Not until halfway through the festival did Jesus go up to the temple courts and begin to teach. The Jews there were amazed and asked, “How did this man get such learning without having been taught?”
Jesus answered, “My teaching is not my own. It comes from the one who sent me. Anyone who chooses to do the will of God will find out whether my teaching comes from God or whether I speak on my own. Whoever speaks on their own does so to gain personal glory, but he who seeks the glory of the one who sent him is a man of truth; there is nothing false about him.
The Festival of Tabernacles, also known as Sukkot (or Succoth), is one of the three major festivals in the Jewish religious calendar. The other two are the Passover and the Festival of Weeks. It's a joyous, week-long celebration that takes place five days after Yom Kippur, which is the Jewish Day of Atonement. Jews make a pilgrimage for the festival from all around the world.
The Festival of Tabernacles was in full swing when Jesus boldly stepped into the temple courts and began to teach. The first question you have is probably the one I had. After entering the city secretly, why did Jesus suddenly decide to reveal himself? It seems the "right time" for him to preach had arrived! Once he began teaching in the temple courts, his public presence made it more challenging for the leaders to arrest him without causing a scene, especially given his popularity among many of the people.
In any event, the Jews are astounded by his teaching, asking, "How did this man get such learning without having been taught?" Their question reveals a preconceived notion of how knowledge is acquired and who has the authority to teach. Jesus' response challenges not just the assumptions of his day but speaks to all generations: "My teaching is not my own. It comes from the one who sent me.”
In a society that placed a high value on formal education and lineage, Jesus points to a different source of authority: direct revelation from God. He wasn't a product of the rabbinical schools; his wisdom and authority were divine. But Jesus doesn't stop there. He offers a litmus test for discerning the authenticity of his teaching: "Anyone who chooses to do the will of God will find out whether my teaching comes from God or whether I speak on my own.”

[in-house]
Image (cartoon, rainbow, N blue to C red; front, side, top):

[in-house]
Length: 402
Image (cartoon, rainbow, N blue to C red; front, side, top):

Here, Jesus introduces a radical idea. True understanding doesn't come from intellectual prowess alone but from a heart positioned to do God's will. It's experiential knowledge. When one aligns their will with God's, the divine truths Jesus speaks become self-evident.
Furthermore, Jesus contrasts himself with other teachers, saying, "Whoever speaks on their own does so to gain personal glory, but he who seeks the glory of the one who sent him is a man of truth; there is nothing false about him.” In a world where many sought honor and recognition, Jesus' motives were pure. His teachings weren't designed to elevate himself but to glorify the Father and guide humanity to truth.
Do meditate on this reflection for more than a few minutes. It's brimming with lessons for all, particularly for those entrusted with teaching God's word. Such a sacred task demands utmost responsibility and an unwavering purity of intention.
God bless you.